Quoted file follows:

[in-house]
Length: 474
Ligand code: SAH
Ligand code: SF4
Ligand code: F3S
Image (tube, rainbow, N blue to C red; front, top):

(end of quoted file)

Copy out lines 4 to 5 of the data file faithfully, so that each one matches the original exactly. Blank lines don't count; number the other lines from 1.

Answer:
Ligand code: SF4
Ligand code: F3S